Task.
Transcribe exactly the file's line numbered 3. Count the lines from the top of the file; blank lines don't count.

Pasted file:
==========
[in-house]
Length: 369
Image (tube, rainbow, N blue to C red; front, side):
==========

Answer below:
Image (tube, rainbow, N blue to C red; front, side):